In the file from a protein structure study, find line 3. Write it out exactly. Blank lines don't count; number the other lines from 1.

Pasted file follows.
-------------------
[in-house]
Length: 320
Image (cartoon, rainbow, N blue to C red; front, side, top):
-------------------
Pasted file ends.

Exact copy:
Image (cartoon, rainbow, N blue to C red; front, side, top):